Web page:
Thinking of a kitchen remodel? How old is your house? If it was built before the early 1980’s, you might have asbestos floor tiles in the kitchen, bathroom or basement.
Telltale Signs of Asbestos Floor Tile
Although you cannot tell just by looking at it, there are some indications that you might be dealing with asbestos floor tile:
- House built between 1920 and 1960–Asbestos floor tile was very popular during this time period, due to its durability and resistance to water damage.
- Nine inch by nine inch squares–Get out the measuring tape and see how big the tiles are. 9″ x 9″ was the common size of asbestos floor tiles.
- Dark gray or brown discoloration–Asbestos floor tiles were made with asphalt, which would turn dark with age and damage.
What to Do If You Have Asbestos Floor Tile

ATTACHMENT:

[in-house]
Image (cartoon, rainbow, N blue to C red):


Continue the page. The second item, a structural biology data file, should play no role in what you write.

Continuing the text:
Asbestos fibers could be released into your environment and cause serious–if not fatal–disease. One exposure is enough to damage your health. But most asbestos floor tile is unbroken and relatively safe. However, it could be damaged in a natural disaster and it is not safe to remove it yourself in a renovation project since it could be broken up and release fibers. The adhesive holding down your asbestos floor tiles can also contain asbestos. If you want to remove it rather than covering it with another form of flooring, you need to call a professional asbestos removal company.
At Alliance Environmental, we are specialists in removing: vinyl asbestos tile, VAT, linoleum, vinyl sheet goods, transite pipe, transite siding, transite roofing, duct work, stucco, texturecoat, drywall, acoustic ceiling, popcorn ceiling, plaster, lath and plaster, buttonboard, fireproofing, mastic, pipe covering, mag piping, mag block, and other asbestos containing materials safely and using best practices.
Asbestos–whether in floor tiles, roof shingles, insulation or anywhere else–should always be taken seriously. Don’t just pull up that ugly old tile, make sure it’s safe first!
We wish you a very Happy New Year!
Download a free copy of our Asbestos, Lead Paint & Mold eBook to learn how to mitigate the liability risks associated with common environmental threats found in residential properties.